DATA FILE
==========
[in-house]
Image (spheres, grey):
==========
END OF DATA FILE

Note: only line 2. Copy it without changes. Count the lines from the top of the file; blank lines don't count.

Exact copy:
Image (spheres, grey):